(Andy Marquis photo)

It seems the number one topic from 2021 is going to be the number one, two, three, four, and five topic for 2022. Point blank the tire situation at most tracks is going to be worse in 2022 than it was in 2021 and it’s time we all come to grips with that now.

For those living under a rock for the last 12 months or so, there’s been a tire shortage that’s not only affected short track racing but passenger tires to a lesser degree. The cause? It’s complicated and it’s multi-faceted.

Shortages are everywhere and not just in the tire business. Parts are short all over. Bodies for Late Models are in short supply as are many of the parts to build the cars and the engines. There seems to be nothing that’s been unaffected by the global supply chain problems.

The tires specifically have a couple of major problems preventing them from being able to supply the number of tires most tracks are accustomed to selling from year to year. The first is a product of the labor shortage. It seems as if people just don’t want to work and maybe that’s part of it but the labor shortage goes deeper than that.

A friend of mine, who runs a big business in racing told me today he made the same amount of money in 2021 off of selling online on Amazon and eBay as he profited from his business. So, if that’s the case, why would anyone want to go do manual labor when they could sell online and make just as much or likely more with less effort? This problem is affecting businesses everywhere and Hoosier and American Racer can’t escape it.

The other and likely bigger issue is the shortage of nylon that is used to make tires. Like making dinner, it’s hard to make something if you don’t have all the ingredients. And, in this case, there are no substitutes leaving them unable to produce the tires in the numbers it would take to meet the need.

So you might be wondering how this problem is going to get worse? I can’t speak to the nature of the struggle of American Racer/McCreary because I haven’t spoken to anyone from that company or anyone from a track that runs them on this subject. I expect because they don’t have as many tires they need to produce for their tracks and series, that they will have fewer issues but again that’s an assumption on my part and you know what they say assuming does…..

Here’s why at least from the Hoosier perspective, this problem will get worse. Their solution to the problem is a flawed concept.

Let me explain. Hoosier told the race tracks over the last week that they would be getting the same amount of tires overall that they ordered in 2021. So after getting fewer tires than they needed last season, they’re using the numbers from a short 2021 to supply tracks in 2022. At first, it makes sense to get by. They got by last season, so why can’t they get by this season? This flawed concept has many issues.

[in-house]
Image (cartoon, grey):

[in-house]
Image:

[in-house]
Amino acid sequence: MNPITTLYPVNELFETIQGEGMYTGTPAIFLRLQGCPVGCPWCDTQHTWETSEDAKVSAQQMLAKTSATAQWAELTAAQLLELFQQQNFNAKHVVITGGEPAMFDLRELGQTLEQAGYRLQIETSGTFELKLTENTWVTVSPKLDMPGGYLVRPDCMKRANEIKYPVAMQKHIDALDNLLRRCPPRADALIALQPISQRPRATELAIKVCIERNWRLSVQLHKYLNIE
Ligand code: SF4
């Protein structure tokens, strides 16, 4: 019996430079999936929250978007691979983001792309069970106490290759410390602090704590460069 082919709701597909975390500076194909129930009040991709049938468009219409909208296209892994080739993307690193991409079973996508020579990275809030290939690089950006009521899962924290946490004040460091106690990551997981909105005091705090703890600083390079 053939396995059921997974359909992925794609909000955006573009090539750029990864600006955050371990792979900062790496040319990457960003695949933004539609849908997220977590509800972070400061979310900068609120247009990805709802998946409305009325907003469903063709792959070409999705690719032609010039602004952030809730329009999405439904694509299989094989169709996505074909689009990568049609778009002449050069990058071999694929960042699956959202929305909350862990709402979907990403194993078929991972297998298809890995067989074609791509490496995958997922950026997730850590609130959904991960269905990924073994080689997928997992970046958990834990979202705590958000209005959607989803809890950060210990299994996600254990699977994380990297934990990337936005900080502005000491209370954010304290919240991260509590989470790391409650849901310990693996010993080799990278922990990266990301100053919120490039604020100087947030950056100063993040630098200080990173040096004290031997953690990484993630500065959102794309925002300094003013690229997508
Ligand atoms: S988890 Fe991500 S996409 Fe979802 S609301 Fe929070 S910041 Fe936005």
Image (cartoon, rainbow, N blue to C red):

The first issue is how many tracks already had leftover inventory from 2020 which helped them to get by in 2021. The mandate of only giving them the number they ordered in 2021, will leave many tracks with fewer tires than they sold in 2021 after having to deplete their inventory to get through their last race of the season.

The second issue is that car counts and the need for tires fluctuate from year to year at all race tracks. One track might have had an average car count of 15 last year because of the tire situation and them being in a better spot to offer tires on the occasions they raced on.

Simply put, mandating a tire limit based on the previous season is flawed at best and at worst it’s a foolish mistake that will make this whole deal incredibly worse.

There were a lot of tires sold during speedweeks in Florida. Sure, they limited all the teams to two sets of practice tires at New Smyrna but that still left a lot of tires being sold. The tires sold at New Smyrna and at all the dirt tracks during speedweeks has to be a staggering number. A number that likely would have helped spread more tires to short tracks all across the country this spring and might have aided in giving some more cushion as race season everywhere kicks off over the next month or more. I have nothing against those events, they always happen but maybe they needed a tighter rope on how many tires were distributed for three weeks of racing.

I don’t have all the answers but I know there’s a significant problem that we all can clearly see is going to be worse based on how it’s being handled. Is there a better way for them to handle it? I think so, but obviously, I don’t know everything about their business model.

Race tracks can operate with fewer tires than they think they need but we’ve got to collectively get this under control or the tracks are going to fail badly. Only a handful of tracks can be propped up by the owner’s other business(es) and even then, most of them can’t be propped up by them but so long if they can’t race on a somewhat regular basis.

Full disclosure: I’m a Hoosier customer as I run Franklin County Speedway and we race on Hoosier tires in several classes. This could hurt my availability for tires. I don’t think it will but it could but more importantly, I feel it all needs to be said.

This is not a rant against Hoosier, they’re simply doing what they think is best and whether I agree with them or not, I can’t tell them how to do business. We’re all in this together and we collectively have to find a solution between the racers, tracks, touring series, and the tire distributors/manufacturers. The tough will find a way to make it work but after a 2020 pandemic and shutdowns and a tire shortage in 2021, this is the last thing these race tracks all need.